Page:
MonoTouch

By John Sonmez

I’ve been so busy lately that I have neglected to write about a great platform for developing iOS applications called “MonoTouch.”

I recently released a new course on MonoTouch at Pluralsight.

I wanted to take a bit of time here to talk about MonoTouch and to tell you why you should be using it instead of developing iOS applications in Objective-C

text monotouch thumb MonoTouch

Flipping directions

gophoto 0197 scanned image 00363 thumb MonoTouch

When I first started developing with iOS, I firmly believed that the job should be done using the tools that Apple provided.

I still think it is a very good idea to learn Objective-C and how to develop an iOS application using Objective-C and XCode.

But I am convinced now that overall MonoTouch is the way to go.

Objective-C is a decent language, but it has a fairly steep learning curve for a C# or Java developer.  XCode, the IDE for developing iOS applications, is a decent IDE, but it is not nearly as powerful as MonoDevelop or Visual Studio.

The reality of the situation is that Apple’s development platform is still back in 1990.  Even though there have been some changes and growth, I firmly believe now that Objective-C and the underlying technology cannot ever catch up to .NET or Java.

I don’t say this lightly.  As I said, before I developed a fairly large application in Objective-C.  I authored a Pluralsight course on iOS development with Objective-C.  I was pretty convinced this was the way to go until I gave MonoTouch a try.

An unfair test

I really gave MonoTouch an unfair test, but it passed anyway.  I set out to learn, configure, build a MonoTouch application, and deploy it to the Apple App Store in 1 weekend.

I figured if MonoTouch could pass this test then I would immediately save more than the $400 cost for the software since the next application I was going to build was going to probably take at least a week worth of time to build in Objective-C.

MonoTouch easily passed my test and really exceeded my expectations.

The main advantage

By and far the main advantage in using MonoTouch is the language.

C#’s ability to wire up events through event handlers and delegates makes working with iOS so much easier.

There are many situations in iOS where you have to create a special class to act as a delegate for providing behavior for various iOS controls and classes.  In C#, many of these delegate classes can be replaced by a C# delegate or lambda expression.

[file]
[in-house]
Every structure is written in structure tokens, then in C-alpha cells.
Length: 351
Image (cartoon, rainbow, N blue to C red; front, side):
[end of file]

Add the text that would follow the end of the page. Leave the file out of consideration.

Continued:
Another really painful situation in Objective-C is memory management.  If you aren’t used to tracking memory usage it takes a bit to get adjusted to it in Objective-C.  Sure, it really isn’t that hard, but once I started working with C# to build my iOS application, I realized how much faster I could fly through the code without having to even think about it.  (The newer version of Objective-C has somewhat built in memory management, but it is not a true garbage collection implementation.)

Along with C#, you get the full power of the .NET framework.  Almost all of the base class libraries from .NET are available in MonoTouch.  (You basically have the silverlight .NET profile.)

This really comes in handy in 3 main areas:

  • Working with XML
  • Working with databases
  • Calling web services

If you try to do these things in Objective-C, it is possible, but it will hurt like hell.

Give it a shot

If you are interested in developing iOS applications and you haven’t tried MonoTouch, go give it a try.  Trust me, it is worth the effort.  One of the big factors that had me developing Android applications and shying away from iOS was the hurdle of trying to learn and work with Objective-C.

MonoTouch lets you reuse your C# skills without any extra overhead, since the application is compiled down to native ARM assembly code.

If you don’t know where to get started or want to learn a little bit more about MonoTouch, feel free to check out my course on Pluralsight.

Kudos to the Xamarin team for building such a great product!

(BTW, that photo is me flipping.  Actually it is a thing I used to call “throwing myself at the ground for dramatic effect.”)

As always, you can subscribe to this RSS feed to follow my posts on Making the Complex Simple.  Feel free to check out ElegantCode.com where I post about the topic of writing elegant code about once a week.  Also, you can follow me on twitter here.